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How California’s State And Local Governments Are Addressing The Affordable Housing Crisis

Source: bisnow.com | Re-Post MNM Partners, LLC 10/5/2017 – 

With the highest cost of housing in the nation, California’s affordable housing crisis is threatening the economic vitality of the state.

The majority of renters, more than 3 million, pay more than 30% of their gross monthly income for housing, and one-third of renters, about 1.5 million, pay more than 50% of their income for a place to live, according to a California Department of Housing and Community Development report.

The accepted standard for housing affordability is that no more than 30% of monthly income should go for housing, according to Paul Habibi, a continuing lecturer of finance and real estate at UCLA.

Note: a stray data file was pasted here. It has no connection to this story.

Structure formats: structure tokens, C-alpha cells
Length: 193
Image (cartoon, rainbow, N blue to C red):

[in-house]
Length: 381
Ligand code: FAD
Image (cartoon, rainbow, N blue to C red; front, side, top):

In Los Angeles, to meet that 30% requirement for the median-priced home would require the median household receive a 52% raise from $63K/year to $96K/year, Habibi wrote in a recent op-ed piece. A 14% raise would cover the median-priced apartment.

“Affordable housing is being addressed to some extent, but we have a huge supply constraint in Los Angeles that’s driven by multiple factors,” Habibi said. “But the long and short of it is we have more demand than we have housing supply. It’s driven up the cost of housing, and it’s created a pretty dramatic affordability crunch.”

Habibi said the most effective way to address affordability is to build more housing of all types, affordable, workforce and market-rate, to create less upward pressure on rents. But California’s housing production has averaged less than 80,000 new units annually over the last 10 years, and current production continues to fall far below the projected need of 180,000 additional units annually, according to a California Department of Housing and Community Development report.

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